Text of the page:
I’ve been quite a fan of Fuller’s for some years, ever since I worked out that my initial lack of enthusiasm was caused not by the beer itself, but by the lacklustre cellarmanship of our local Fuller’s pub which had made me think that Pride was this bland and slightly funky tasting pint.
After visiting the brewery and getting to taste my way through pretty much their whole range as it was supposed to be, I realised just how wrong I’d been. Their primary range is fairly ‘safe’ and mainstream, but they’re not afraid to be more adventurous with their special brews and their Vintage Ale series is consistently remarkable (I am *so* close to a full set of these, and one day I’m going to have to bite the bullet and open them all).
So it’s with considerable excitement that I’ve been watching the production of the “Fuller’s & Friends” collection of collaborations with some of the leading lights of ‘Craft’ breweries. Collaborations are always interesting, but there is always the fear that the ‘big’ half will dominate. As we will see, in this case that fear is misplaced.
My other fear – which has also happily proven to be unfounded – is that it would be a nightmare tracking down these beers. Too often I see mention of interesting collaborations only to find that it was limited to a handful of kegs which have ended up in pubs on the other side of the city, at best.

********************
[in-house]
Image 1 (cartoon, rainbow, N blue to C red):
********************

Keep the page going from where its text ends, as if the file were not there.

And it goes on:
On this occasion though, Fuller’s has managed to get boxed sets on the shelves of Waitrose in time for Christmas – and at a remarkably generous price of £12 for all six beers. At the risk of giving you a spoiler of the reviews to follow, I suggest you stop reading right now and go to your local Waitrose. You won’t regret it (unless you share a Waitrose with me, in which case – I’m sorry, I emptied their shelves yesterday).
We’re starting with Peat Souper, which has been brewed with Hardknott. I’m rarely disappointed by Hardknott’s beers, and this offering – a 7.0% ABV Smoked Porter – sounds like it could have been made specifically for me.
It pours black and syrupy, with a deep and open textured tan head that doesn’t really linger.
The aromas are intoxicating; smoke and earthiness, and a little alcohol hits you first, with some black treacle coming through later with sweet hints of black cherries.
It’s initially superbly rich in the mouth, sticky sweet dried fruit which is swiftly balanced by a deep bitterness which seems to come from a blend of hops and burnt sugar. The smoke is subtle, but present throughout and contributes to a dry and almost too-bitter finish that lingers and tempts you to another sip. Smoked beer is a tricky thing to get right, and this one gets it spot on.
This isn’t a perfect beer – the bitterness at the end is just a touch overdone for me – but it’s seriously good, and at £2 a bottle it represents excellent value. 4 stars.